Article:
In the future will we all be wearing lab-grown leather and mushroom skin?

Leather substitutes are now being grown in the lab, instead of on the back of an animal. Fashion is entering a brave new world says Sass Brown

Sass Brown, founding dean of DIDI

The production of leather and textiles is, generally speaking, a resource-heavy process. There are, of course, hugely diverse impacts, whether human, animal or ecological, dependent upon material type and production methods. But the growth in popularity of vegan lifestyle choices, as well as an increased concern for animal welfare in livestock farming, has resulted in a growing number of innovative material developments as an alternative to animal skins. Leather substitutes are now being grown in the lab, instead of on the back of an animal. Fashion is entering a brave new world.

Some particularly innovative responses have been developed in an effort to offer alternatives. One of these is mycelium leather, or muskin. Made from fungus spores, the material mimics animal leather, with crisscrossing spores that are grown into a predetermined shape and size, thereby eliminating waste. The material is processed similarly to animal leather, only without the toxic chemicals, and is entirely biodegradable. The process generates an exceptionally soft material that is thick, strong and suede-like in texture. Muskin is also being used for interior design, as well as for packaging.

A bag made with mushroom leather or muskin. Raghunath Rajaram / GradoZero Espace

Officina Corpuscoli is an Amsterdam-based multi-disciplinary studio that works on thought-provoking solutions and design outcomes that reflect on contemporary material culture, often by working with living organisms. The company focuses on the industrial scale-up of mycelium-based materials. One such project is Caskia, otherwise known as 'Growing a Mars Boot', which was commissioned by the Museum of Modern Art (MoMA) as part of its Items: Is Fashion Modern? exhibition. Caskia explores the restrictions that characterise space travel and the need to optimise logistics. In this case, fungal mycelium spores are ideal because they minimise the volume of matter loaded onto the craft at launch, but can then be cultivated to create a plethora of materials and tools during the journey.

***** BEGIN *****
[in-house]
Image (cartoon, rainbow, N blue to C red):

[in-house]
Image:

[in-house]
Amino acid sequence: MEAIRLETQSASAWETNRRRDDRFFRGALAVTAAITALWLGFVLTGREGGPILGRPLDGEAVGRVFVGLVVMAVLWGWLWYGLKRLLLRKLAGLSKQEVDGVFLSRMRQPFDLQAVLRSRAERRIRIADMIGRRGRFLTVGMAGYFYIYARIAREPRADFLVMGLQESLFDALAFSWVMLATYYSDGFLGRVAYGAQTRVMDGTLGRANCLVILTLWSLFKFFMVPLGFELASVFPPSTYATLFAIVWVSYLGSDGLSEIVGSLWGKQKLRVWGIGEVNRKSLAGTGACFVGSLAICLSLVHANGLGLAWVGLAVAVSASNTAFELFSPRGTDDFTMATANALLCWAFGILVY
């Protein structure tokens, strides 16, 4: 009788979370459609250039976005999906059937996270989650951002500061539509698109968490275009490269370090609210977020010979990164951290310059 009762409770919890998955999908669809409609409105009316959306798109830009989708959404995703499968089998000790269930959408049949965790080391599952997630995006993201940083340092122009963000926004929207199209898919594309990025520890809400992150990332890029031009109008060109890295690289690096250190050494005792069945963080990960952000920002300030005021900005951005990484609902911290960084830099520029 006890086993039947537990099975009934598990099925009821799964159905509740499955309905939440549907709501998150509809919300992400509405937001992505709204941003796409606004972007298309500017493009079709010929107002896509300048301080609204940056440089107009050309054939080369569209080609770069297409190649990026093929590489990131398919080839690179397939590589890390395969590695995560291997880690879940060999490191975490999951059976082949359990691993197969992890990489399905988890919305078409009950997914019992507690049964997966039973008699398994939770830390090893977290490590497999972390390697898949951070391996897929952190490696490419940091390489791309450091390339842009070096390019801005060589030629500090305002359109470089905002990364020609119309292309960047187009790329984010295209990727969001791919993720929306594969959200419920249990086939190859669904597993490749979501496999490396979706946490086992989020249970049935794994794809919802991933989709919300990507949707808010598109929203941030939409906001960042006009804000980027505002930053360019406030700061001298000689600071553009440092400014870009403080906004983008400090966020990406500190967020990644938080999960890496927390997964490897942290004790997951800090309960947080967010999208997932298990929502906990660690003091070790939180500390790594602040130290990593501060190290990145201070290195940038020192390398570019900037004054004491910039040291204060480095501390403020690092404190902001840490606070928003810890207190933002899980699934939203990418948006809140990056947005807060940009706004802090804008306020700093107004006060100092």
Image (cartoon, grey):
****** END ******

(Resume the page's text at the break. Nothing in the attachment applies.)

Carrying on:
A Petri dish showing combinations of mycelium and myriad fabrics. Courtesy Aniela Hoitink / Neffa

Another material made from an ‘animal’ byproduct is spider silk. The silk produced by spiders to spin webs has remarkable properties that include high tensile strength, elasticity, durability and softness. US company Bolt Threads produces a synthetic spider silk, thereby avoiding the difficult process of extracting it from a spider. It harnesses proteins found in nature to create textiles with similar capabilities, through a fermentation process using yeast, sugar and water, then spins the silk protein into fibres. Like most materials grown in the lab, it can be programmed to deliver specific qualities far more varied than those available in nature.

A ground-breaking figure in lab-grown materials is Suzanne Lee. A former research fellow at Central Saint Martin's, and author of Fashioning the Future: Tomorrow's Wardrobe, Lee is now the creative director of Modern Meadow, as well as the founder of Biofabricate, an annual conference on bio engineered materials. Lee produced a range of jackets and shoes under the name BioCouture in early 2000, from a bio material with similar properties to leather. The material was produced through a fermentation process made from a mixture of kombucha tea, sugar and heat. Lee believes that microbes are "the factories of the future".

Modern Meadow, a Brooklyn-based company, is harnessing the collective power of design, biology and engineering to biofabricate new materials. It focuses on using living cells to grow nature’s materials. Modern Meadow believes in a future where animal products are animal-free. It envisions creating a world of biofabricated materials that provide infinite design possibilities, at scale. It already makes a bioleather called Zoa by optimising cell engineered collagen. “We’re excited to create a whole new landscape of bioleather materials that has never before been possible," says Lee.

From algae and bacteria to mushrooms and yeast, architecture to apparel, personal care and performance, Biofabricate showcases how biotechnology is facilitating a new material revolution. The conference presents the latest disruptive research and highlights companies that are growing the materials of the future. It brings together a unique audience of designers, scientists, artists, engineers, global brands, startups, investors, policy makers, trend forecasters and media. Founded in 2014 by Lee, the aim of the conference is to nurture collaboration, share knowledge, build community and accelerate innovation.

Lee and others see living organisms as the future of clothing and textiles - organisms that have a symbiotic relationship to the body, or living materials that can diagnose disease, treat and nourish us, as well as enhance our wellbeing. This is something Phillips FutureLab foresaw years ago, predicting the emergence of microbes that clean your body, then weave your clothing around you each day. The future of clothing and textiles is an exciting one - a biological, electronic and designed one. One that establishes clothing as a meaningful and valuable part of our life, with capabilities far beyond simply covering our body.


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